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J Prev Med Public Health > Volume 40(1); 2007 > Article
Journal of Preventive Medicine and Public Health 2007;40(1): 16-22. doi: https://doi.org/10.3961/jpmph.2007.40.1.16
Increased DNA Damage of Lymphocytes in Korean Male Smokers.
Joohyun Lee, Eunil Lee, Eunha Oh, Juneyoung Lee, Donggeun Sul, Jooja Kim
1Department of Preventive Medicine, College of Medicine and Postgraduate Studies of Public Health, Graduate School, Korea University, Korea. eunil@korea.ac.kr
2Medical Research Center for Environmental Toxico-Genomics and Proteomics, College of Medicine, Korea University, Korea.
3Brain Korea21 Program for Biomedical Science, College of Medicine, Korea University, Korea.
4Department of Biostatistics, College of Medicine, Korea University, Korea.
5Graduate School, College of Medicine, Korea University, Korea.
6Department of Occupational Medicine, Soonchunhyang University Hospital, Korea.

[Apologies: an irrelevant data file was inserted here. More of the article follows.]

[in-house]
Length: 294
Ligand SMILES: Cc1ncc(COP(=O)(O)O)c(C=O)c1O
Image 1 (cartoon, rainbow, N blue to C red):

OBJECTIVE: The purpose of this study was to evaluate the levels of DNA damage in human lymphocytes caused by smoking and other lifestyle factors. METHODS: The study population consisted of 173 normal healthy male adults from 21 to 59 years old. The demographic and lifestyle variables were obtained from administered questionnaires. The level of lymphocytic DNA damage in the peripheral blood was evaluated by the Comet assay. Statistical analyses were done by general linear model analysis and Dunnett's multiple comparison. RESULTS: The difference in DNA damage between smokers and non-smokers was statistically significant. The means for the Tail%DNA were found to be 10.48 in the current smokers and 9.60 in the non-smokers (p<0.05). The tail moment means were 1.58 and 1.45 (p<0.05) for the current smokers and non-smokers, respectively. The number of cigarettes smoked per day did not result in a significant difference in the level of DNA damage among the smokers. Other lifestyle factors such as age, and drinking and exercise habits were not related to DNA damage. CONCLUSIONS: The DNA damage in the lymphocytes of smokers was found to be significantly higher than that for non-smokers. However, the number of cigarettes smoked per day was not related to DNA damage. Further study is needed to evaluate the relationship between the amount of smoking and level of damage to DNA. In addition, the status of DNA repair activities should be assessed.
Key words: Comet assay; DNA damage; Lymphocytes; Life style; Smoking
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